There are few bad movies more influential than 1982’s Blade Runner. Directed in a flashy, hollow manner by Ridley Scott, the film tried to combine the disparate moods of futuristic science fiction, film noir, and hardboiled detective fiction. As an example of any of these genres, the film is a failure and one cannot help but feel that the creative team behind it knew that as well: there have been no fewer than seven different versions of the film, and none of them work.
For those with blissfully short memories, Blade Runner concerned detective Harrison Ford romping around a dystopian Los Angeles of 2019, looking to shoot various homicidal robots. Or something. At any rate, one of the distinctive things about the film was its art direction: most of the denizens of Los Angeles wear freakish or tattered clothes, and the streets are illuminated by advertising broadcast from building facades.
About the clothes and overall look of unwashed people I will say little, other than a trip in the New York City subway often leaves one wanting to hand out free bars of soap. It’s particularly gruesome to ride next to New York’s burgeoning population of “hipsters:” it’s not unusual to see people dressed as if for a Halloween party on their way to work, and to wonder, as well, if sales of shampoo are down or raising head lice were a competitive sport.
But the most dire aspect of Blade Runner has been its inspiration to advertisers, hucksters and media pimps who saw the idea of a moving billboard as a challenge to the health, sanity and aesthetics of normal human beings. Forgetting completely that the vision of Blade Runner was one of an urban hell, advertisers jumped on the idea of animated billboards, and it is impossible to walk through much of New York without being bombarded by these repulsive and intrusive mechanized menaces.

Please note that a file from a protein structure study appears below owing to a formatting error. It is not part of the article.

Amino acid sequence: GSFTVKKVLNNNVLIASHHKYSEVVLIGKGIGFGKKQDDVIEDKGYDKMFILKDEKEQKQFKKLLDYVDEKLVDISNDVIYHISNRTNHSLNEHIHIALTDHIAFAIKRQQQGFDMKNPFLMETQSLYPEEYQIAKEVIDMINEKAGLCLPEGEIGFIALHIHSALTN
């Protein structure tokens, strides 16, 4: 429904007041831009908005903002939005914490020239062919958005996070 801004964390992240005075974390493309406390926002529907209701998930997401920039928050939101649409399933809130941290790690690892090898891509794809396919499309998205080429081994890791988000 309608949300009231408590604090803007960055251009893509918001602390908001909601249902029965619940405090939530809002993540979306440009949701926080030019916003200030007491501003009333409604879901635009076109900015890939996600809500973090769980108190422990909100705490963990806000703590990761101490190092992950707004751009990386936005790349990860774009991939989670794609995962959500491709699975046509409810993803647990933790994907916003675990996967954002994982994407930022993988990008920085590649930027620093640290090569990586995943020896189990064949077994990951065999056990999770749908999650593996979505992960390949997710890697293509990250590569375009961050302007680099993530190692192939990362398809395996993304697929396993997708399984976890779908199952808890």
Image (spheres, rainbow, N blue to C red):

This is fairly evident to anyone walking down Times Square at night – the light from moving images on the sides of buildings is enough to challenge even the most meager sun, and sensory input would kill even your simplest, most humble thought.
The photos above were taken at 34th Street – right across from Macy’s, point of fact. Macy’s was one of the first retailers to jump on this reprehensible practice, erecting a jumbo screen over the entranceway to pander during the Republican convention in 2004. Do pedestrians really need to see under-washed and underfed youths dress in simulacrums 50 feet tall?
It is nearly impossible to be a contemporary pedestrian without some hint of the affliction’s of Poe’s Roderick Usher. Sights and sounds assail us. Smells gag us. Our senses are rattled, our thoughts disjointed, our very personal boundaries invaded by the ubiquity of trash advertising.
Welcome to the world of dystopian chic.